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  • Z. Garnett

What is Seasonal Affective Disorder?

Seasonal Affective Disorder or SAD, is a form of depression that is linked to the changes in the season. Individuals diagnosed with SAD typically experience severe depression, low energy, disinterest in usual desired activities and a host of other symptoms during the same time each year. For example, many experience symptoms starting in the early fall, continuing throughout the winter.

One major factor that seems to exacerbate seasonal depression is related to our exposure to light. When daylight saving time ends and we set our clocks back an hour, we may have gained an extra hour of sleep, but we are also losing more light. It tends to get darker much earlier. This disrupts our body’s internal clock, which in turn has an effect on our mood. People who are diagnosed with SAD typically feel relief in the spring and summer months, however, it is not uncommon for individuals to experience depression during this time as well.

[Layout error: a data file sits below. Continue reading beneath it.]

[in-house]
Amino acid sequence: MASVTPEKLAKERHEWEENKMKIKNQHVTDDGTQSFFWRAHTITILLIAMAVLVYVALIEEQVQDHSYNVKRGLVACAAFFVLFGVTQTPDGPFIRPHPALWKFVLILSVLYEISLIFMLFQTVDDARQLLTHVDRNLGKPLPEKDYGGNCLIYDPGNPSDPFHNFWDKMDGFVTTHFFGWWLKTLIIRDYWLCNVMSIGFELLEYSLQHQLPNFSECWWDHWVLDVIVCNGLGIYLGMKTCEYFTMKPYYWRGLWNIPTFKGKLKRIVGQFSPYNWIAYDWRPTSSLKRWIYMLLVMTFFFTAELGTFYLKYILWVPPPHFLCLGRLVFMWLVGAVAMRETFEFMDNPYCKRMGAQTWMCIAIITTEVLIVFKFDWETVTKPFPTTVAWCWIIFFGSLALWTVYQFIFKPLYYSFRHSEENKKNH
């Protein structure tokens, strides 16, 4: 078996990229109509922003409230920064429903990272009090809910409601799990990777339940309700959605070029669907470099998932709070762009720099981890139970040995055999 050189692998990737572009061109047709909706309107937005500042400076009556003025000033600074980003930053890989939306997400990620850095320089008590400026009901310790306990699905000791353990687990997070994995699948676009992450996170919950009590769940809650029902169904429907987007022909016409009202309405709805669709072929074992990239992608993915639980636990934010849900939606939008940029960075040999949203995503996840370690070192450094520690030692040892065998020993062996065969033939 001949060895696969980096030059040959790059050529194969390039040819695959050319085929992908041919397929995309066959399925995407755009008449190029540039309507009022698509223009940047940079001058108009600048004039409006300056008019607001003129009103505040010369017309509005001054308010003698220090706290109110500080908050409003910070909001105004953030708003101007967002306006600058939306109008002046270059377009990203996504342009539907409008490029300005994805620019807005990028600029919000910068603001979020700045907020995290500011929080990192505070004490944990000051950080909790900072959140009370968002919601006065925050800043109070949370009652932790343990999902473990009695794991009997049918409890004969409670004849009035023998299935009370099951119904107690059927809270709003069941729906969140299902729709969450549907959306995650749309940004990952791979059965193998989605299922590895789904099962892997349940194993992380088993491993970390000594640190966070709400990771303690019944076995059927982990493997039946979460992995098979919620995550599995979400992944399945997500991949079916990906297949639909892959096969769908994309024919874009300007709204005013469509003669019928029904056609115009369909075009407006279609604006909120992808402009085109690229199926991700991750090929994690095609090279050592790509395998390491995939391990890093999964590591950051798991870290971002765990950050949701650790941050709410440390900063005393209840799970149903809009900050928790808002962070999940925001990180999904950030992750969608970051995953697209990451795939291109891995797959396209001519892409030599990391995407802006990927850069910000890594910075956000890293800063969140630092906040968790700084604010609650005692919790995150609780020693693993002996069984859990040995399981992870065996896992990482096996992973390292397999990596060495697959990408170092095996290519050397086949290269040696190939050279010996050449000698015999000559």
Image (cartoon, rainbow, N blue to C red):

Another cause of SAD is related to melatonin, the hormone which helps us to sleep. According to Johns Hopkins Medicine, our bodies produce more melatonin when it’s dark and the darker it is (ex: in the winter), the more melatonin is made. This contributes to the lower energy and increased tiredness that many who suffer with seasonal depression experience.

Treatment for SAD may vary depending on the season; however, exposure to sunlight is helpful, if possible. Light therapy is also an option if exposure to natural sunlight is not available. Antidepressants prescribed by a doctor can also provide relief.

Do you suffer with seasonal depression? What things help you to manage symptoms? Leave a comment!

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